New Zealand courts must deal with NZ$2 million loan dispute says Supreme Court

Kuo tu’utu’uni e Fakamaau’anga Lahi ‘a Tonga’ kuopau ke fai ia ki Nu’u Sila ‘a hono kikihi’i fakalao ‘o ha mo’ua ‘i he nō pa’anga Nu’u Sila ‘e $2 miliona. Ko e tu’utu’uni ‘eni hili ha kole ‘a Pilinisesi Pilolevu mo Lucy Anna Tupou ‘oku toe ‘iloa ko Lucy Anna ‘Ilaiu ke fakatatafe e tu’utu’uni ‘a e Fakamaau’anga Lahi ‘a Tonga ne fai ki mu’a atu ‘o tali e ‘eke ‘a e ongo mātu’a Nu’u Sila ko Graeme McLean Wallace mo Valerie Isobel Wallace ‘o pehē ‘oku mo’ua ange ‘e he pilinisesi’ mo ‘Ilaiu ‘a e pa’anga NZ$2,104,822 kia kinaua. ‘Oku kau ‘a Pilolevu ‘i he faka’ilo’ koe’uhi he ko ia na’a’ ne malu’i ‘a e noo’.

The Supreme Court has ordered that a dispute over a NZ$2 million loan must be settled in a New Zealand court.

Princess Pilolevu Tuita and Lucy Anna Tupou  aka  Lucy Anna ‘Ilaiu sought a judgement in the Tongan Supreme Court staying an earlier judgement in favour of New Zealanders Graeme McLean Wallace and  Valerie Isobel Wallace who claim they are owed NZ$2,104,822.

Princess Pilolevu is being sued as a guarantor of the loan.

The Wallaces made a series of loans to Ms ‘Ilaiu in New Zealand beginning in 2016. In his report on the case, Lord Chief Justice Paulsen said the Wallaces charged loan fees that were equal to 84 percent of the amount lent. Fees of $1,062,180 were made on advances of $1,258,125.

Lord Chief Justice Paulsen said that when  the  Wallaces  applied for  judgment by default against Ms. ‘Ilaiu there was nothing before  the  court identifying  the loan fees.

“Had I been aware of the loan fees I would  have  refused  to enter  judgment  without first conducting  a hearing,” he said.

The loans were not paid back. When the first loan was made a mortgage was taken over Ms. ‘Ilaiu’s property  at  69C  Finch Street, Auckland.

When the second loan was made,  the Wallaces took additional security of an unregistered mortgage over Princess Pilolevu’s property at 95 Bell Road, Remuera in Auckland, personal guarantees and also from Ms. ‘Ilaiu and the Princess as trustees of the HRH SMPT Family Trust.

In a letter of 24 March 2017 the Wallaces’ lawyers made  demand  upon Ms. ‘Ilaiu for payment of  the  balance owing under the  third  term loan  agreement which was said to be  $2,011,444.

On March 27, 2017, a notice was issued by the Wallaces to Ms. ‘llaiu of their intention to sell the  Finch Street property.

A notice was issued to Princess Pilolevu giving her notice of the Wallaces’  intention  to recover any deficiency upon the sale of Finch Street from her as guarantor.

The properties at 69A and 69B Finch Street were sold by another mortgagee and  69C  Finch Street was sold by the  Wallaces.  The Wallaces received $987,071.05 from the proceeds. 95 Bell Road was also sold by another mortgagee, but the Wallaces received  nothing.

On December 7, 2017, the  Wallaces filed an action against the defendants. Judgment by default was entered on  February  27, 2018. On March 1, 2018 the Wallaces applied for charging orders against registered leases of land at Neiafu and Kolomotu’a.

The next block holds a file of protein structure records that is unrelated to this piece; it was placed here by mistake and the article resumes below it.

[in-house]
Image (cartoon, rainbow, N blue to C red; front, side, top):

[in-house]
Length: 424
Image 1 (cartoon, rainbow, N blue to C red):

Ms. ‘Ilaiu sought to have the judgement against her set aside on the grounds that:

That the Wallaces failed to make disclosure as  required by the New Zealand  Credit Contracts and Consumer Finance Act, with the result that the third term loan agreement is unenforceable;

That the loan fees were oppressive in terms of the CCCF and were irrecoverable along with the interest charged upon them with the result that there is nothing owed to the  Wallaces;

And that

The Wallaces were not registered as financial  service  providers, making the third term loan agreement illegal and unenforceable.

Lord Chief Justice Paulsen said that in his view the third loan agreement was  oppressive.

“The loan fees were very large; bewilderingly so. I have never come across a case where such fees have been charged let alone on a repeated basis over a period of years,” he said.

In considering the nature of the loans, the evidence presented by Ilaiu and the Wallaces, the judge ordered the default  judgment  entered against Ms. Ilaiu set aside.

The judge said Ilaiu and Princess Pilolevu had applied for a stay on the ground that New Zealand was the appropriate legal forum to resolve the dispute.

“I am firmly of the view that New Zealand is the proper  and  most  convenient forum for resolving this  dispute,” he said.

“The High Court of New Zealand has strict case management procedures and sophisticated discovery rules which in my view puts it in a better position to deal with a case such as this. I note also that a commercial Judge sitting in New Zealand will have a better feel than a Judge in Tonga for the reasonable standards of commercial practice.”

Lord Chief Justice Paulsen said the case would be stayed on the condition that Ilaiu and Princess Pilolevu sign statements agreeing to submit to the jurisdiction of the New Zealand courts.

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